Tristan und Isolde, Bayreuth Festival, Germany, August 2016. Director Katharina Wagner, conducted by Christian Thielemann, reviewed by Tony Cooper

This production of Tristan und Isolde by Katharina Wagner first saw the light of day last year, immediately finding success with the cognoscenti on the Green Hill, while also marking the 150th anniversary of its world première at Munich.

Widely considered to be one of the greatest eulogies ever written to pure love and evoking the legendary days of King Arthur, Tristan – which Wagner rated as one of his ‘favourites’ – is an emotional work to say the least. Continue reading

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Parsifal, Bayreuth Festival

Amfortas, photo: br-klassik.de

Amfortas (Ryan McKinny) photo: br-klassik.de

Parsifal, Bayreuth Festival

Parsifal, Bayreuth Festival, Germany, August 2016. Director Uwe Eric Laufenberg, conducted by Hartmut Haenchen, reviewed by TONY COOPER

Specifically written for the Festspielhaus, Parsifal was Wagner’s final work completed in January 1882 and was first seen in that year. This production by German director, Uwe Eric Laufenberg, marks its ninth outing at Bayreuth since its première.

The philosophical ideas of the libretto fuse Christianity and Buddhism but the trappings of Wolfram von Eschenbach’s 13th-century poem – focusing on the Arthurian hero Parzival and his long quest for the Holy Grail – are essentially Christian based.

The composer described Parsifal as ‘ein Bühnenweihfestspiel’ (A Festival Play for the Consecration of the Stage) not an opera thereby underlying the deeply-religious overtones of the work. Herr Laufenberg brought this issue to the fore, especially at the end of Act I, when Amfortas, wearing a crown of thorns and covered only by a loin-cloth, re-enacts the Crucifixion with members of the Brotherhood (now seen as a community of Christian monks) gathered around him receiving Holy Communion and partaking of the Blood of Christ. It was a powerful and moving scene. The Christ-like figure of Amfortas was magnificently portrayed by the gifted American bass-baritone, Ryan McKinny. Continue reading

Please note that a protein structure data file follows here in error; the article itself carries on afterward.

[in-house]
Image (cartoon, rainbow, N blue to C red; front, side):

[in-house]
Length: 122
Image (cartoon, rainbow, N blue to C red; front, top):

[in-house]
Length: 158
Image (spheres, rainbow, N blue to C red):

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Reality “under siege”

Ambassador J. Christopher Stevens, killed in Benghazi attack

Ambassador J. Christopher Stevens, killed in the Benghazi attack

Reality “under siege”

Ilana Mercer highlights left-liberal propaganda

The Clinton Media have gone from malfunctioning to mad, from “dishonest” to deranged. Their coverage of the 2016 election is no longer tinged by liberal bias, but is about moving viewers and readers into a parallel universe, an alternate reality of the media’s making.

The media monolith’s latest imbecility is to offer effusive plaudits for their candidate, Hillary, because this life-long politician whose ill-gotten gains have come via political means, not private productive means, has released her tax returns for 2015.

Something Donald Trump has yet to do. For the candidate is under audit and has been advised to refrain from doing anything that’ll give the most corrupt and dangerous of government agencies a lien on his assets—or liberty, for that matter. Continue reading

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Late Summer Wine 2016

Sheppy's Late Summer Wine and Cider 2016

Em Marshall-Luck’s selection

Such changeable summer weather calls for a variety of wine types, from warming reds for the cold days of drizzle and overcast skies, through to refreshing rosés and dry whites for those all-too-infrequent days when the sun deigns to grace us with its welcome presence. The beverages listed below cover all bases in terms of flavours and price ranges; all come highly recommended.

Let us commence with a cider. Award-winning craft cider maker, Sheppy’s, has brewed up yet another cidery concoction, this one ideal for summer drinking. Their new Cider with Elderflower is very probably my favourite Sheppy’s cider thus far, with its lovely golden colour, nose which combines crunchy apples and floral elderflower, with just a hint of grapefruit as well. Continue reading